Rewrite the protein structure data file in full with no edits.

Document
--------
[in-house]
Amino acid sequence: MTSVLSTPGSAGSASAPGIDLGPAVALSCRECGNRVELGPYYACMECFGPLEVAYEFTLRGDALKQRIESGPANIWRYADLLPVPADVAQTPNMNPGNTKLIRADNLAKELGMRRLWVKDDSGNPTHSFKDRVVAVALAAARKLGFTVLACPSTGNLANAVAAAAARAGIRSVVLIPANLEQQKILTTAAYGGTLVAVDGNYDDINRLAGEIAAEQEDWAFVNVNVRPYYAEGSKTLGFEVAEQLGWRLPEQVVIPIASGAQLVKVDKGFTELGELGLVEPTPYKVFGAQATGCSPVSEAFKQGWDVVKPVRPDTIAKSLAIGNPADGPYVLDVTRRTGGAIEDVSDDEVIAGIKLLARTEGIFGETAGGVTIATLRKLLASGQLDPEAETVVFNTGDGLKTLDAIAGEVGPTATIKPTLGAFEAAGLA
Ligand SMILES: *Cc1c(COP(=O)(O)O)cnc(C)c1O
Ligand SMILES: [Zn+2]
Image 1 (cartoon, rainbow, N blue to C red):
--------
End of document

[in-house]
Amino acid sequence: MTSVLSTPGSAGSASAPGIDLGPAVALSCRECGNRVELGPYYACMECFGPLEVAYEFTLRGDALKQRIESGPANIWRYADLLPVPADVAQTPNMNPGNTKLIRADNLAKELGMRRLWVKDDSGNPTHSFKDRVVAVALAAARKLGFTVLACPSTGNLANAVAAAAARAGIRSVVLIPANLEQQKILTTAAYGGTLVAVDGNYDDINRLAGEIAAEQEDWAFVNVNVRPYYAEGSKTLGFEVAEQLGWRLPEQVVIPIASGAQLVKVDKGFTELGELGLVEPTPYKVFGAQATGCSPVSEAFKQGWDVVKPVRPDTIAKSLAIGNPADGPYVLDVTRRTGGAIEDVSDDEVIAGIKLLARTEGIFGETAGGVTIATLRKLLASGQLDPEAETVVFNTGDGLKTLDAIAGEVGPTATIKPTLGAFEAAGLA
Ligand SMILES: *Cc1c(COP(=O)(O)O)cnc(C)c1O
Ligand SMILES: [Zn+2]
Image 1 (cartoon, rainbow, N blue to C red):